The Ten Commandments Revisited (in response to current Jewish and Palestinian requirements)

I‘ve noticed, that in Britain at least, those Jews most willing to raise a critical voice on Israel are secular in outlook and find their home on the political left on most issues.

That’s understandable.

After all, so much of organised religion (Judaism very much included) is politically and socially conservative and happy to align itself with the status quo and the power elites of the day.

There are of course notable religious Jewish individuals who are exceptions to the rule. But that’s the problem – they are exceptional and notable, they are not mainstream.

Recent surveys of Jewish identity, both in Britain and in the USA, show that identification with the State of Israel correlates closely with the strength of affiliation to organised Jewish life. Which may explain why left-leaning Jewish critics of Israel choose to drop off the synagogue membership list.

Israel probably thinks this is good news. But it means there’s little religiously based challenge to Israel’s actions from within the formally affiliated Jewish community. For Jews like me, that’s a great pity. When I look at Israel’s current trajectory I see a country that’s losing not just its democratic credentials but ditching Judaism too. At least a Judaism that makes any sense in our globally wired-up 21st century.

Radical thought

My own view of Judaism is that although it has its roots in a tribal Iron Age patriarchy it also contains enough radical thought for it to be politically subversive and countercultural in our own time. While left-wing secular Jews base their critique of Israel, and their Palestinian solidarity, on ideas of universal human rights, I would make the case for recognising that such concepts originate from the creation myths of Judaism and the theology that flows from the book of Exodus.

I like to believe that our Jewish sacred texts and liturgy are divinely inspired. But I’m also in no doubt that they are human constructs honed and edited over thousands of years. Sometimes they serve us well and sometimes they don’t. Wrestling with sacred texts is a necessary part of the religious human condition.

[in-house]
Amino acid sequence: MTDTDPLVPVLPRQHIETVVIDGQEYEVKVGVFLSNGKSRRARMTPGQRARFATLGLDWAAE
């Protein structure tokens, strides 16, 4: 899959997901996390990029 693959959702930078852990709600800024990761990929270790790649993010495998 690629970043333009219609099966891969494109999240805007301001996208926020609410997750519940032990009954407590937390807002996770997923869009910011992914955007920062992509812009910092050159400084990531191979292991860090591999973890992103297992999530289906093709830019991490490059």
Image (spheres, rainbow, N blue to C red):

So here I am, not just wrestling but messing with the most famous sacred text of all – The Ten Commandments. My motivation is this: I’m hoping it may provide a way for affiliated Jews to recognise the radical countercultural solutions that stare out from the pages of our prayer book.

It’s a while since Moses came down from the mountain and for Jews in particular, things have moved on and times have changed. But the essence of God’s instruction remains true and just. It’s the tribalism that dates and blunts the message.

So with appropriate respect, and in the light of current Jewish and Palestinian circumstances and requirements, I’m offering some revisions to the original text.

Your comments are welcome.

The Ten Commandments (Revisited)

  1. I am the Lord your God, who brought you out of the land of Egypt, out of the house of bondage and shaped your story across many lands and times. You shall remember your adversity and your triumphs and lend your hand to strengthen all of my creation.

  2. You shall not make for yourself idols to worship. You shall not worship the land on which you reside nor its cities nor its walls for you will not find me there. Instead strive for holiness and peace in all of my creation and in all the places in which you dwell.

  3. You shall not take the memory of the Holocaust in vain nor use its victims to justify your iniquity. Use your story of adversity and of triumph to bring others out of the land of Egypt, out of the house of bondage.

  4. For six out of seven days you shall not rest from making all of my creation – the land, the sea and the air and all living things – honoured and protected. On the seventh day you shall rest and celebrate all of my creation.

  5. Honour your father and your mother but correct them when they stray from my commandments. It is right to challenge your elders if they become complacent or forgetful of my creation or create idols for you to worship in my place.

  6. You shall not murder unarmed men, women and children nor punish those that have done you no harm nor imprison them without charge or fair trial.

  7.  You shall not adulterate my creation through offering short measures in your ethics or short change in your justice.

  8.  You shall not steal your neighbours’ land nor bulldoze their homes.

  9.  You shall not tell lies about your neighbours nor deny their history, nor their culture nor their humanity. Remember how this was done to you.

  10.  You shall not covet your neighbours’ house nor their land nor their water, nor anything that is your neighbours’. Remember, the earth is the Lord’s.

 

If you keep these commandments, which I give you this day, then justice will lead to peace. Safety and security will be yours. The rains will come at the right time. You, your children, and your children’s children, will be a delight unto my eyes.

 

 

 

 

 

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